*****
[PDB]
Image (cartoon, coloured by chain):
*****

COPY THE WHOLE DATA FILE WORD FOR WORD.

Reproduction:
[PDB]
Image (cartoon, coloured by chain):